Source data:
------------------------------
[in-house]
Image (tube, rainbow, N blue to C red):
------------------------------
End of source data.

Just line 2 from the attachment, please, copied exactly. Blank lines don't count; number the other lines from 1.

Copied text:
Image (tube, rainbow, N blue to C red):